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Colorado-based Bobo's Oat Bars bake a lot of heart into its healthy snacks

Bobo's
Posted at 3:25 PM, Jul 30, 2020
and last updated 2020-07-30 17:32:31-04

Being stuck at home with the kids looking for a healthy snack sounds familiar today.

But it's also how a popular Colorado business started 17 years ago.

You’re in good company with Bobo’s home-baked snacks, made for anyone on the go.

Beryl Stafford and her little daughter Alex, also known as Bobo, found a cookbook one rainy afternoon in Boulder and started making oat bars.

“[Bobo] started baking and bringing these wonderful, gooey, dripping with butter oat treats to school,” Stafford said.

Bobo’s classmates wanted more, and soon coffee shops wanted them, too.

So, Beryl made Bobo’s a business.

“I had no experience in sales,” Stafford said. “No experience in the food business. I just kind of did it for fun, and it was like playing ‘store’.”

Bobo’s has since expanded to some of the largest grocery chains in the country, including Whole Foods, Costco, and Kroger (King Soopers).

But, their original principles remain.

Each Bobo’s product is made with wholesome, simple ingredients.

In fact, Stafford resisted the urge many times to expand to mass, machine-based production.

“So instead, I wanted to keep the bar with that handmade kind of funky look,” she said. “So, I just hired more people, and found bigger bakeries.”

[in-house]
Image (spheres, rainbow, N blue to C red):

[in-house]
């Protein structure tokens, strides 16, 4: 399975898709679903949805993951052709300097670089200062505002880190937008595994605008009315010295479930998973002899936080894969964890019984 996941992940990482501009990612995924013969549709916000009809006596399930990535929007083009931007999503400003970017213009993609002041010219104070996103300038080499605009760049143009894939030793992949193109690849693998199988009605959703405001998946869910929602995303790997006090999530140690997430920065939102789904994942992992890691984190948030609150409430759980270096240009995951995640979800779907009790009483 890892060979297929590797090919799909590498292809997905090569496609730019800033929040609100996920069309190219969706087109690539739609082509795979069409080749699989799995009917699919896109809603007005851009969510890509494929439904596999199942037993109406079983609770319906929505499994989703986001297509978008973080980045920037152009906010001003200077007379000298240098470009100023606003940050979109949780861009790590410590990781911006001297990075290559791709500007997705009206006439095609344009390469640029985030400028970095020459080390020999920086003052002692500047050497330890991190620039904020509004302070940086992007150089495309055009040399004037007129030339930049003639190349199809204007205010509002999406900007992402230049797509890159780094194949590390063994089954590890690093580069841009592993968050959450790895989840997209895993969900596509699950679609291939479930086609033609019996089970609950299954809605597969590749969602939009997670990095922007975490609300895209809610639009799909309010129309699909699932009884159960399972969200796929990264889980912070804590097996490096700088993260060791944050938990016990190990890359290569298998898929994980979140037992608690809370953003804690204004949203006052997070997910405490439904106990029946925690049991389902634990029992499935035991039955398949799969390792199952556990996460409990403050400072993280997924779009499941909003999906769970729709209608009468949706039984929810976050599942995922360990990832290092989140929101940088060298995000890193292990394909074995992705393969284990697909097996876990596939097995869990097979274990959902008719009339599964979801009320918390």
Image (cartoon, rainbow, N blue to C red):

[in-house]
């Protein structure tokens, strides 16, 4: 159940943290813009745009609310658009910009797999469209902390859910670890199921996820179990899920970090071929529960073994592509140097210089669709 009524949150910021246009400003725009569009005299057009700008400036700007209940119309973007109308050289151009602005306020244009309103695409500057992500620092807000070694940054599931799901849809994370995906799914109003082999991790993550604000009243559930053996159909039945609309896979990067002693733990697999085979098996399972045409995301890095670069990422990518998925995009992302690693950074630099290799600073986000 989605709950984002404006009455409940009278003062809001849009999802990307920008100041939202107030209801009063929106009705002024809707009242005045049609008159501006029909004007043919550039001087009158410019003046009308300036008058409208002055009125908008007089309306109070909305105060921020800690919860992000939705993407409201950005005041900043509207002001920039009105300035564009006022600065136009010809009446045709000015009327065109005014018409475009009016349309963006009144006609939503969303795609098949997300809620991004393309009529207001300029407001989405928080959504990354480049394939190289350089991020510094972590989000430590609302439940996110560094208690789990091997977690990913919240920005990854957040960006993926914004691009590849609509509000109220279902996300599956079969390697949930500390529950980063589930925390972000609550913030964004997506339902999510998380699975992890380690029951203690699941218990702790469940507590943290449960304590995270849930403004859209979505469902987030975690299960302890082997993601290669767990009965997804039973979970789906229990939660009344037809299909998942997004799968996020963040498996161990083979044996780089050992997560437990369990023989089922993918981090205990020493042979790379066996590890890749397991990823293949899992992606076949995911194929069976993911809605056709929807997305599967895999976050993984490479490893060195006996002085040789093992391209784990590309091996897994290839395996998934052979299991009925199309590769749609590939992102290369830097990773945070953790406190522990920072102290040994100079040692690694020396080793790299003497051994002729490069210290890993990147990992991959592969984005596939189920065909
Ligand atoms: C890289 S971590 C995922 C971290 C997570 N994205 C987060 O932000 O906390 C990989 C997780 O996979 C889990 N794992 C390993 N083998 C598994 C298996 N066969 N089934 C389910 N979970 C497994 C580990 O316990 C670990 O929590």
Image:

Her snacks are a hit with kids, athletes, workers, and anyone on the go.

But, they never lose sight of the greater good.

“So, our mission is ‘we take you home, and we feed you like family,’” Stafford says.

Bobo’s routinely partners with non-profits for charity cause bars, for families with critical care needs, veterans returning home, and healthcare workers during the pandemic.

“We’ve shipped large pallets to families in Hurricane Harvey in Houston, and during [Hurricane] Katrina,” Stafford says. “And, we try to be there for frontline workers.”

Their logo – an animated image of Bobo with a big heart – is a drawing Beryl’s friend made on their kitchen table when they were just getting started.

“I had no idea what I was doing,” Stafford said. “But, I was faking it because I wanted people to buy my product, and I wanted them to believe in it. And, I believed in it.”

Today, the logo represents everything they still hold dear today.

Their "Hero Bar” that’s flavored with chocolate, almond and sea salt is Stafford’s favorite.

Bobo’s also just released pastries and protein bars, and they promise more innovation is coming.

If you'd like to learn more about Bobo’s and other businesses we've featured in our newscasts, download Denver7 to your Roku, Apple TV, Amazon Fire, or Android device -- and look for the "In Good Company” section.